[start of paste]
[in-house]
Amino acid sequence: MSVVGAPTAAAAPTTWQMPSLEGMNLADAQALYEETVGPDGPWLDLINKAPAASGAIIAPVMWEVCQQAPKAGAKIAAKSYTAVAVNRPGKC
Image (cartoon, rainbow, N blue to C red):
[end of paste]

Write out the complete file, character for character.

[in-house]
Amino acid sequence: MSVVGAPTAAAAPTTWQMPSLEGMNLADAQALYEETVGPDGPWLDLINKAPAASGAIIAPVMWEVCQQAPKAGAKIAAKSYTAVAVNRPGKC
Image (cartoon, rainbow, N blue to C red):